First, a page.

RNS received a grant from Soros-funded think tank
The Institute of New Economic Thinking (INET), a non-profit think tank funded and chaired by philanthropist George Soros, has awarded RNS a grant to conduct research on the role of government in innovation policy.
Research for the grant “Innovation and the state: How should government finance and implement innovation policy?” will be conducted by RNS Professors Rainer Kattel and Wolfgang Drechsler and by Research Fellow Dr. Erkki Karo. The grant will last for two years, the main findings are intended to be published in book form.
INET was created in 2009 “to broaden and accelerate the development of new economic thinking that can lead to solutions for the great challenges of the 21st century.” Its advisory board includes several Nobel Prize winners in Economics (George A. Akerlof, James Heckman, Amartya Sen, Joseph E. Stiglitz).
“Innovation and the state: How should government finance and implement innovation policy?” (2014-2015) - grant summary:
“In a typical modern economy, government not only finances significant part of R&D spending, runs some sort of public venture capital funds, but also procures massive amounts of goods and services and does so increasingly with innovation in mind; together these outlays can come to as high as 20% of GDP, annually. If we add to these increasing attempts to use innovation in public sector activities, governments have come to play a very important role in funding innovations. In academic literature on innovation and innovation policy, governments figure mostly as policy makers; accordingly, academic debate centers on questions of policy choices. In essence, academic literature assumes that governments possess capabilities and capacities to act upon whatever is deemed the right policy choice; capacity to implement, in other words, is assumed to be exogenous. Intriguingly, state as innovation policy actor and funder has not been researched from the perspective of organizational infrastructure and capacity to implement policies. This proposal rests on the assumption, first, that the question of what works in public financing of innovation is mostly a question about how public organizations function, what kind of capacity they possess and how this capacity evolves; and second, public sector’s capacity and effectiveness in funding innovations is a key determinant in innovation dynamics evolving in private enterprises.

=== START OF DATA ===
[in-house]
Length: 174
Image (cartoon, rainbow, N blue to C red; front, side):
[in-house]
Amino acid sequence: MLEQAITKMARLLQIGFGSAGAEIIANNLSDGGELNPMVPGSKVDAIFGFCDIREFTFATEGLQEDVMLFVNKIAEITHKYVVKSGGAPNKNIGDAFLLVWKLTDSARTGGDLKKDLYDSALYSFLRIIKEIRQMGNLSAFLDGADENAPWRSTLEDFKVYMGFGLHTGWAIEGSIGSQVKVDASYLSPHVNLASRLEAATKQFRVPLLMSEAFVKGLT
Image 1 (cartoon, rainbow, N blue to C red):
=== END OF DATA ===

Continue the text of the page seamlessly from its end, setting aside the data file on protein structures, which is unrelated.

The question about what kind of organizational set-up and framework governments use to fund and implement innovation policy has received in academic research sporadic attention. There is almost a knee-jerk answer to this question, especially among evolutionary economists: emulate Japan’s MITI, that is set up high level Weberian agency manned with highly qualified engineers and managers able to coordinate and implement various innovation policy efforts. However, governments have successfully used and are still using variety of other ways how to fund and implement their industrial and innovation policies: from direct ministerial departments engaging in industrial production to state-owned enterprises to complex prolonged public procurement processes to develop new innovative solutions, to public development banks and venture funds; from government led cartels and industry associations to technology transfer centers and specialized innovation agencies. Yet, there is no unifying research agenda and framework that tries to look at these implementation set-ups in a systematic way. This proposal is aimed at filling this research gap.“